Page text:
Ireland has been given the clearest indication to date that the 85 billion euro bailout loan can be renegotiated to slash repayment bills.
European Commissioner Olli Rehn suggested talks would not achieve anything in 2010 but that the cost of the rescue package could be reduced in the following years.
"Concerning outer years, there is more room for manoeuvre," the economics chief said.
Fine Gael leader Enda Kenny discussed options for renegotiation during a meeting with German Chancellor Angela Merkel in Berlin, which was criticised by his political opponents as a photo opportunity.
Mr Kenny said that he told the Chancellor he wanted movement on the interest rate for the International Monetary Fund-European Union loan.
Commissioner Rein gave the indication after a meeting of eurozone Finance Ministers in Brussels, attended by Finance Minister Brian Lenihan.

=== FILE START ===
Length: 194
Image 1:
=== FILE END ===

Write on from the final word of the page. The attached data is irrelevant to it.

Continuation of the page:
"I'm following the Irish debate closely. The European member states have signed a memorandum of understanding with the Republic of Ireland," the Commissioner said.
"We expect continuity of the memorandum. If there are changes to the pricing policy, which I support and the commission supports... it will take place for European reasons. It is essential to respect the memorandum, especially for 2011."
Mr Kenny also warned Chancellor Merkel that Ireland will not budge on its controversially low corporation tax. He stressed the importance of the 12.5% rate during talks with the top EU politician in Berlin.
"I made it perfectly clear to the Chancellor that from our point of view the corporation tax base and the consolidated tax base are of absolute fundamental importance to Ireland and that we could not concede any movement on those," Mr Kenny said.